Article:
Now, in the Christian spirit of Matthew 18, I want to tell you what I think in very clear terms. We don’t really know each other well. But I still consider you a friend and a fellow freedom fighter.

Homosexuality is a sin, according to the Bible. God calls it an abomination. Paul (Romans 1:18-32) calls it a judgment on societies that turn away from God. I’m sure it has not escaped your attention that America is now one of those societies. Meanwhile, we have people – homosexual and heterosexual – who take pleasure in the increase of this abomination and its acceptance, just as Paul said.

This is how homosexuality literally destroys societies.

I know you don’t want to see America destroyed. I’ve read all your books, and I’m a fan of your columns. I know you want what’s best for our country – and I believe you’re a sincere Christian.

Whether you believe it or not, or whether or not it is your intent, your acceptance of this speaking engagement is affirming GOProud, which is, I’m sure you’ve noticed, winning the hearts and minds in the conservative movement – with CPAC, Grover Norquist and others who don’t necessarily bring a Judeo-Christian worldview to the party. GOProud is having a field day marketing you and legitimizing itself further in the conservative movement through its association with you.

It’s a very big deal, Ann, and it’s bigger than you. Glenn Beck threw in the towel last week on same-sex marriage, saying since it doesn’t affect him, it doesn’t matter. Materialistic utilitarianism – much of the conservative movement is moving in that direction.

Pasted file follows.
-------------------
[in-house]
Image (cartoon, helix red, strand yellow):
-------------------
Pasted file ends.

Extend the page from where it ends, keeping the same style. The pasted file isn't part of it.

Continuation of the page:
I believe this is a time when God is calling his people to stand up for what’s right. I’m afraid you’re really blurring the lines for many of your fans.

Speaking to this group is not the same as speaking to a group of college students anywhere. Presumably, you speak to them not just for money, but to change their minds. The only way you might change some minds and hearts at Homocon is to confront them with their sin. I don’t get the impression that is what you are being paid to do. These are folks who are being sheltered from the consequences of their sin. By giving a standard conservative rah-rah speech to them, you are embracing them as part of the conservative movement.

GOProud truly represents a blight on the conservative movement. The more the movement embraces them and accepts them, the more it will render the conservative movement useless and irrelevant.

Think of the moment your acceptance of this engagement came – just after a judge rejected the will of the people of California on Proposition 8. That was judicial tyranny at its worst, and it came from a self-interested homosexual judge.

In case you haven’t figured it out, I am imploring you not to do this thing. … I really think it is a big mistake for you, one that has consequences for the movement you love and for the country you love.

I promise you this will be the last missive you receive from me on this topic unless you ask for more.

And that was that. I never heard from Ann Coulter, again – until her now famous name-calling
fusillade.

You be the judge.